crude oil

CRUDE OIL

What is crude oil?

When you drive your vehicles or cook something in the kitchen, do you ever think about the energy powering those things?

Crude Oil

The energy you use for these purposes comes from fossilfuels, which formed over millions and millions of years from the remains of organisms that lived a long time ago and thus it is a liquid fuel located underground. It is extracted through drilling. Crude oil is a base component of transport fuel, plastics, chemicals, and petroleum products. Crude oil that is found accumulated in various porous rock formations in earth’s crust and is extracted for burning as fuel or for processing into chemical products.

Composition and properties

It is comprised of hydrocarbons, organic compounds and small amounts of metal.  Between 50% and 97% of oil is hydrocarbons. Between 6% and 10% of it is nitrogen, oxygen, and sulphur. Less than 1% is metals such as copper, nickel, vanadium, and iron. Hydrocarbons are usually the primary component of crude oil. It is a mixture of comparatively volatile liquid hydrocarbons but it also contains some nitrogen, oxygen and sulphur. Their composition can vary from 50%-97% depending on the type of crude oil and how it is extracted. Almost all crude oil ranges from 82 to 87 percent carbon by weight and 12 to 15 percent hydrogen by weight.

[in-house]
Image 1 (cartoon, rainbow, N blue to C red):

Paraffins, naphthenes and aromatics are the important hydrocarbons in crude oil. Among them, paraffin is the most common hydrocarbons; certain liquid paraffins are the major constituents of gasoline (petrol) and are therefore highly valued. Naphthenes are an important part of all liquid refinery products, which include cyclohexane and cyclopropane, which are a group of cyclic aliphatic hydrocarbons. Aromatics generally constitute only a small percentage of most crudes. The most common aromatic in crude oil is benzene, a popular building block in the petrochemical industry.

Because it is a mixture of such widely varying constituents and proportions, its physical properties also vary widely. In appearance, the black gold is usually black or dark brown (although it may be yellowish, reddish, or even greenish). The most important physical property is specific gravity (i.e., the ratio of the weight of equal volumes of a crude oil and pure water at standard conditions). Substances lighter than water, such as crude oil, would receive measurements less than 1. Liquids lighter than water, such as oil, have API (American Petroleum Institute) gravities numerically greater than 10. On the basis of their API gravity, crude oils can be classified as heavy, medium, and light.

Crude Oil Formation

Crude Oil Formation

 Crude oil is created through the heating and compression of organic materials over a long period of time. Most of the oil we extract today comes from the remains of prehistoric algae and zooplankton whose remains settled on the bottom of an Ocean or Lake. Over time this organic material combined with mud and was then heated to high temperatures from the pressure created by heavy layers of sediment. The layer upon layer of microscopic bacteria formed due to the steady accumulation of dead plant and animal forms.